His new found interest was volleyball, and he was exceptional at it. Soon, he became one of the board members of ‘International Volleyball Association’ in 1974.
After serving as the president of ‘International Volleyball Association,’ he tried his hand at acting in 1976. He also executive produced a film titled ‘Go For It.’
In 1984, he was cast alongside actor Arnold Schwarzenegger in the film ‘Conan the Destroyer.’
Awards & Achievements
He is the only player in ‘NBA’ to have an average of 30 points and 20 rebounds throughout a season. He is also the first player to score 100 points in a single game.
Thanks to his achievements, he was inducted into the ‘Naismith Memorial Basketball Hall of Fame’ in 1978.
In 1996, he was named one of the ‘50 Greatest Players in NBA History.’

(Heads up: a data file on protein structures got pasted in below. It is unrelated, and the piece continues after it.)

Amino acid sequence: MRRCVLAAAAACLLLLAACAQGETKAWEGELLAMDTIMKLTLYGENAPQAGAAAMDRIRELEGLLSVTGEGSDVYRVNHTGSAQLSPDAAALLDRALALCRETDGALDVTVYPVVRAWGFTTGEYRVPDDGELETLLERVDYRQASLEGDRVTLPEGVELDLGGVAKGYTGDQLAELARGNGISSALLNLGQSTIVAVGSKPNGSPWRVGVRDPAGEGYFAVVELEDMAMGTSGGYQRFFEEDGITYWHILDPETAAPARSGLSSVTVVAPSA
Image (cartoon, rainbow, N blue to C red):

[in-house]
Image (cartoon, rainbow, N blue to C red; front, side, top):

In his entire career, Wilt has won two ‘NBA Championships,’ and has been named ‘MVP’ four times for his achievement in regular seasons. He was also named ‘MVP’ for his achievement in one of the ‘NBA Finals.’
Personal Life & Legacy
This basketball player never married. It was believed that he had multiple affairs with women. He died of heart congestion on October 12, 1999, at the age of 63.
He co-wrote and published his autobiography ‘Wilt: Just Like Any Other 7-Foot Black Millionaire Who Lives Next Door’ in 1973.
In 1991, he came up with another autobiography titled ‘A View from Above,’ in which he gave an insight into his private life.
This legendary ‘NBA’ player also played volleyball after his retirement from basketball. He also promoted volleyball, for which he was inducted into the ‘Volleyball Hall of Fame!’